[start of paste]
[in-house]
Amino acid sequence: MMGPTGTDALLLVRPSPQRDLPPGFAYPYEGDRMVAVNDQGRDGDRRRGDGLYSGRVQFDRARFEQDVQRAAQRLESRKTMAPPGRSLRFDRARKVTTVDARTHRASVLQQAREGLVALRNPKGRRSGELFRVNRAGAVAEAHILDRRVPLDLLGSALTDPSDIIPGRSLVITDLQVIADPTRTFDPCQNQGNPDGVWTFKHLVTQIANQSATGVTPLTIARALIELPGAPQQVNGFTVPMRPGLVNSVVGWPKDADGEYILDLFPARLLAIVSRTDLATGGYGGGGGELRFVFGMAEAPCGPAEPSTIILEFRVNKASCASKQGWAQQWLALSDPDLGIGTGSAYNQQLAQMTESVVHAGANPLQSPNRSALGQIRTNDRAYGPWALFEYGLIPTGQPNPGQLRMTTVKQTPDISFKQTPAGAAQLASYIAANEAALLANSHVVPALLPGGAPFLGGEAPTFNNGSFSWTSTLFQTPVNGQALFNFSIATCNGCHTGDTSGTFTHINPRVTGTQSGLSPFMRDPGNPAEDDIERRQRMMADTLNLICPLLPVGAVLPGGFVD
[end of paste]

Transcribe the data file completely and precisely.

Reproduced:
[in-house]
Amino acid sequence: MMGPTGTDALLLVRPSPQRDLPPGFAYPYEGDRMVAVNDQGRDGDRRRGDGLYSGRVQFDRARFEQDVQRAAQRLESRKTMAPPGRSLRFDRARKVTTVDARTHRASVLQQAREGLVALRNPKGRRSGELFRVNRAGAVAEAHILDRRVPLDLLGSALTDPSDIIPGRSLVITDLQVIADPTRTFDPCQNQGNPDGVWTFKHLVTQIANQSATGVTPLTIARALIELPGAPQQVNGFTVPMRPGLVNSVVGWPKDADGEYILDLFPARLLAIVSRTDLATGGYGGGGGELRFVFGMAEAPCGPAEPSTIILEFRVNKASCASKQGWAQQWLALSDPDLGIGTGSAYNQQLAQMTESVVHAGANPLQSPNRSALGQIRTNDRAYGPWALFEYGLIPTGQPNPGQLRMTTVKQTPDISFKQTPAGAAQLASYIAANEAALLANSHVVPALLPGGAPFLGGEAPTFNNGSFSWTSTLFQTPVNGQALFNFSIATCNGCHTGDTSGTFTHINPRVTGTQSGLSPFMRDPGNPAEDDIERRQRMMADTLNLICPLLPVGAVLPGGFVD